Date Published: February 7, 2019
Publisher: Public Library of Science
Author(s): Yanfen Zhao, Borong Pan, Mingli Zhang, Tzen-Yuh Chiang.
Tugarinovia (Family Asteraceae) is a monotypic genus. It’s sole species, Tugarinovia mongolica Iljin, is distributed in the northern part of Inner Mongolia, with one additional variety, Tugarinovia mongolica var ovatifolia, which is distributed in the southern part of Inner Mongolia. The species has a limited geographical range and declining populations. To understand the phylogeographic structure of T. mongolica, we sequenced two chloroplast DNA regions (psbA-trnH and psbK-psbI) from 219 individuals of 16 populations, and investigated the genetic variation and phylogeographic patterns of T. mongolica. The results identified a total of 17 (H1-H17) chloroplast haplotypes. There were no haplotypes shared between the northern (T. mongolica) and southern groups (T. mongolica var. ovatifolia), and they formed two distinct lineages. The regional split was also supported by AMOVA and BEAST analyses. AMOVA showed the main variation that occurred between the two geographic groups. The time of divergence of the two groups can be dated to the early Pleistocene epoch, when climate fluctuations most likely resulted in the allopatric divergence of T. mongolica. The formation of the desert blocked genetic flow and enhanced the divergence of the northern and southern groups. Our results indicate that the genetic differences between T. mongolica and T. mongolica var. ovatifolia are consistent with previously proposed morphological differences. We speculate that the dry, cold climate and the expansion of the desert during the Quaternary resulted in the currently observed distribution of extant populations of T. mongolica. In the northern group, the populations Chuanjinsumu, Wuliji and Yingen displayed the highest genetic diversity and should be given priority protection. The southern group showed a higher genetic drift (FST = 1, GST = 1), and the inbreeding load (HS = 0) required protection for each population. Our results propose that the protection of T. mongolica should be implemented through in situ and ex situ conservation practices to increase the effective population size and genetic diversity.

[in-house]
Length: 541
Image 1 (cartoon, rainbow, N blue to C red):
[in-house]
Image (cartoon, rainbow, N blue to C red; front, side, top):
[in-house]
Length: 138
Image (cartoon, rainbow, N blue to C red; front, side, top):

In recent years, phylogeographic studies of the arid region of Northwest China have increased and mainly focus on the impact of the Quaternary climate fluctuations on species’ phylogeographic patterns [1–3]. An increasing number of studies have shown that the deserts have an impact on the genetic structure and phylogeographic pattern of species, causing the speciation and population differentiation of many desert species [1, 4–6]. Evidence from pollen records indicates that ice sheets did not appear in arid Northwest China during the Quaternary . However, glacial and interglacial cycles affected the evolutionary processes of species in this region [1, 8–10], through allopatric divergence [2, 11], range fragmentation, and regional range expansion [12, 13]. Additionally, the uplift of the Tibetan Plateau and global Pleistocene cooling promoted the formation and subsequent evolution of the desert [14, 15]. Several previous studies have shown that the increased aridification and desert expansion led to the speciation, habitat fragmentation, and diversification of desert plant species, as well as the distribution of montane plants on both sides of the desert [1, 2, 4, 16]. In addition, the desert zone acted as a geographical barrier that hindered gene flow among populations, which led to high genetic diversity among the populations and low genetic diversity within populations in arid Northwest China [4, 5, 16, 17]. However, few researchers have investigated the effects of desert formation on the evolutionary process of regional species in this arid region.